Enhancing Transactional Key-Value Storage Systems in Datacenters using Precise Clocks and Software-Defined Storage
Transactional key-value storage is an important service offered by cloud service providers for building applications (e.g., Amazon DynamoDB, Microsoft CosmosDB, Google Spanner). This type of service is popular because it provides high-level guarantees like consistency, scalability and fault-tolerance to ease application development and deployment on the cloud. Unfortunately, providing high performance without high complexity entails several challenges for transactional key-value storage systems in datacenters due to several sophisticated protocols that provide the high-level guarantees (e.g., transaction and replication), and the overheads incurred by traversing multiple abstraction layers.
We leverage two emerging datacenter capabilities --- precise synchronized clocks and software-defined storage --- to address the performance and complexity challenges with transactional key-value storage systems in datacenters. To this end, we use a cross-layer approach that investigates all levels of the storage stack, from developer APIs to underlying hardware. We show that this methodology opens avenues for synergistic interactions between software and the underlying hardware, and leads to simpler system designs with better performance.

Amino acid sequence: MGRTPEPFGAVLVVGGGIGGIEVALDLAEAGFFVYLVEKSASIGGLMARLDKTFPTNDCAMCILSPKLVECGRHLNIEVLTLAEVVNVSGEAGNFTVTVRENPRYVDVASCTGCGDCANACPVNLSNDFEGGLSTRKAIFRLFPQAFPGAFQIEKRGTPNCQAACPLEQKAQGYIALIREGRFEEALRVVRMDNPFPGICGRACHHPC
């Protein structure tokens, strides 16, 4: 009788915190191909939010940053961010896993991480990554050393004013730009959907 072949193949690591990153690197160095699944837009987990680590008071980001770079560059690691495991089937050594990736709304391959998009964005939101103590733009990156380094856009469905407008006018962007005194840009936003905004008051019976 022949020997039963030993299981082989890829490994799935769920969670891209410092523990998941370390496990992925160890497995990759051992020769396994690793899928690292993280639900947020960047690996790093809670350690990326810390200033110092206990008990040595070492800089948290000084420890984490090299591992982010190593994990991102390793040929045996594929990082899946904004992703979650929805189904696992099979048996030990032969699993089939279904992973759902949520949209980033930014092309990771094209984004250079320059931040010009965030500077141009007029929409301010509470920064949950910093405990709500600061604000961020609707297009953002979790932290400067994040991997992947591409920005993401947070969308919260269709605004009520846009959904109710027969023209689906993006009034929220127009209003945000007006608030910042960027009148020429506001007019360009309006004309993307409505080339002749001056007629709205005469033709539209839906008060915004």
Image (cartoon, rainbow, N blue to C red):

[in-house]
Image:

This dissertation presents 4 systems --- Semel, Milana, Kairos and SkimpyFTL. Semel is a multi-version key-value storage system that exploits the remap-on-write property of flash-based Solid State Drives for device-integrated multi-versioning and uses a simplified, unordered (inconsistent) replication protocol for fault tolerance. Milana supports serializable ACID transactions over Semel using an enhanced Optimistic Concurrency Control protocol that leverages intra-datacenter precisely synchronized clocks to reduce transaction abort rate and enable local validation of read-only transactions. Kairos builds over Milana and adds support for inter-transaction caching and sharded transaction validation; cache consistency in Kairos is based on a simple, stateless, time-to-live protocol with leases, without having to track sharers or send invalidations like with directory-based cache consistency protocols. Finally, SkimpyFTL builds over Semel and adds support for memory-efficient data indexing in flash-based key-value storage systems.
This work is licensed under a Creative Commons Attribution-Noncommercial-No Derivative Works 3.0 United States License.
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